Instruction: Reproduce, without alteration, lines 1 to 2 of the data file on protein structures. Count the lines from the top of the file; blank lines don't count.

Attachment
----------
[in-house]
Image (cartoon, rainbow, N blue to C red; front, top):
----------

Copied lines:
[in-house]
Image (cartoon, rainbow, N blue to C red; front, top):